Teen Reads is a great site for teens who are looking for ideas about what books to read. It has an Ultimate Reading List comprised of books that are “compelling, beautifully written, pure fun, thought-provoking or edge-of-your-seat gripping; books that we would hand to someone and say, ‘read this!'”
This site has an extensive list of well-done book talks. Check it out! http://www.digitalbooktalk.net/browse-books/trailer-list/
This blog post is full of great ideas and resources.
Can’t wait to explore this resource more. Ihttp://www.pbslearningmedia.org/collection/visualizing-world-war-ii/
I hate using tape to display student work. It takes too much time and often destroys the kids’ work. Instead, I use 3M hooks, clothes line, and clothes pins. This world great and is so easy to do.
I teach bright students who can learn just about anything I put in front of them quickly and with ease; however, public speaking is something the majority of my students struggle with getting up in front of their peers. Over the past few years, I have started forcing students to do things like sharing their writing, narratives and speeches, with their classmates. Last year, one student would do a great job sharing only to put his head down and cry as soon as he sat in his chair. My students NEED to develop these skills because many of them will have jobs where they will be presenting to groups of all sizes. I want them to be confident in their own ideas and abilities.
This year, I found out about TED Ed Clubs and have just started using them with my advanced classes. Students are getting release forms signed, I will send them in, and we will start working through the process that will lead to students having written and presented their own TED style talk about a subject they are passionate about. I can’t wait!
Here are some things I found on the importance of teaching public speaking skills specifically.
“Why is Public Speaking Important?” Stenhouse blog
“Now, let me make a radical statement: the mission of education should not be to make students better at school but rather to prepare them for life.”
“While speaking skills may have been somewhat underemphasized in schools, they have not been underemphasized in the real world.”
“Further support for the value of speaking skills comes from a study of 104 Silicon Valley employers. Silicon Valley is the home of many of America’s high-tech firms, and you might expect that they would place a high value on math and engineering skills, right? Company representatives were asked several questions about desired qualities in prospective employees. The question “What additional business communication skills would you like to see in your recent college graduate new hires?” produced interesting results: Employers sought improved oral presentation skills more frequently than they did written skills. Their comments expressed a need for stronger skills in public speaking, enhanced interpersonal skills, increased confidence, and improved interviewing skills. Several wrote that students needed more presentation skills, highlighting the ability to use software tools like PowerPoint. This was surprising, because the popular press talks more about a lack of writing skills among college graduates than about insufficient oral skills. (Stevens 2005,7; emphasis added)”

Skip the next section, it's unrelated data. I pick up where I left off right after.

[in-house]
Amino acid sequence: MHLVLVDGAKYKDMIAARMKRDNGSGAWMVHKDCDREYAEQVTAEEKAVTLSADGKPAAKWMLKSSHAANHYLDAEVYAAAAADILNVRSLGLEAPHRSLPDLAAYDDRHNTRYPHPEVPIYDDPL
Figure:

“We Should be Teaching Public Speaking in School” The Washington Post
This morning, I came across a post on edutopia.com that had a recommended reading list-5 Eclectic Book Recommendations. I didn’t get past the first book listed. I have ordered The Life-Changing Magic of Tidying Up: The Japanese Art of Decluttering and Organizing by Marie Kondo and look forward to being inspired to get rid of things even though I know that all I need to do is pick something up and put in a pile that is either for donation, keeping, or throwing out. Maybe I’ll be inspired to get rid of things that I don’t really NEED or that as Kondo says don’t give me joy.
Guess I know what I am going to be doing the rest of winter break. Who knows? Maybe, I will learn some things that I can apply in my classroom, too.
Here is a link to an article, too.
In a time of so many Hallmark holidays, I find it especially important to remember holidays of true importance. As I start to reflect on this Veteran’s Day, I say a special prayer of thanksgiving for my brother, my father, my uncles, my grandfathers, several friends who served, and for my father-in-law who was killed in action. For those who served and continue to serve, I say thanks.
Here are some resources I found as I look for resources to use with my students.
2014 ESPN College Game Day Salute
US Department of Veteran’s Affair–http://www.va.gov/opa/vetsday/index.asp
- 2014_veterans_day_teacher_guide (3) PowerPoint
Teaching History-Veteran’s Day http://teachinghistory.org/spotlight/veterans-day
- Letters from America’s Wars http://teachinghistory.org/history-content/website-reviews/14724
Veterans’ Stories: The Veterans History Project http://www.loc.gov/teachers/classroommaterials/primarysourcesets/veterans/
PBS Veteran’s Day http://www.pbs.org/pov/educators/veterans-day-lesson-plans.php
Poems of War and Remembrance http://poetry.about.com/od/ourpoemcollections/a/poemsofwar.htm
WWI Poetry: On Veterans Day, The Words of War-NPR http://www.npr.org/2012/11/12/164808416/wwi-poetry-on-veterans-day-the-words-of-war
On Veteran’s Day, Stories of Heroes and Homecoming http://www.npr.org/2012/11/11/164735893/on-veterans-day-stories-of-heroes-and-homecoming